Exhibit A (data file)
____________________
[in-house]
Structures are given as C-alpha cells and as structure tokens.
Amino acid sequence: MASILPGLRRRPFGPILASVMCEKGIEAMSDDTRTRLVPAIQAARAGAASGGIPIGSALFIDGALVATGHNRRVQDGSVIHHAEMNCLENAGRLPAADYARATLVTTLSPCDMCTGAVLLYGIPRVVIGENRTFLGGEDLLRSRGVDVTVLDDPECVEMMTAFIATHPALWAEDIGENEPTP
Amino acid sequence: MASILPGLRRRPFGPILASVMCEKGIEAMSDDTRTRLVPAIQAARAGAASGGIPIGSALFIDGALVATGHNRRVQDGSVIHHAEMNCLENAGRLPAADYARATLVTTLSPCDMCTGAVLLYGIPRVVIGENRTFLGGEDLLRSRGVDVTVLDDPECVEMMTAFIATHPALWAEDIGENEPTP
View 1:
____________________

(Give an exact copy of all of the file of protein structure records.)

[in-house]
Structures are given as C-alpha cells and as structure tokens.
Amino acid sequence: MASILPGLRRRPFGPILASVMCEKGIEAMSDDTRTRLVPAIQAARAGAASGGIPIGSALFIDGALVATGHNRRVQDGSVIHHAEMNCLENAGRLPAADYARATLVTTLSPCDMCTGAVLLYGIPRVVIGENRTFLGGEDLLRSRGVDVTVLDDPECVEMMTAFIATHPALWAEDIGENEPTP
Amino acid sequence: MASILPGLRRRPFGPILASVMCEKGIEAMSDDTRTRLVPAIQAARAGAASGGIPIGSALFIDGALVATGHNRRVQDGSVIHHAEMNCLENAGRLPAADYARATLVTTLSPCDMCTGAVLLYGIPRVVIGENRTFLGGEDLLRSRGVDVTVLDDPECVEMMTAFIATHPALWAEDIGENEPTP
View 1: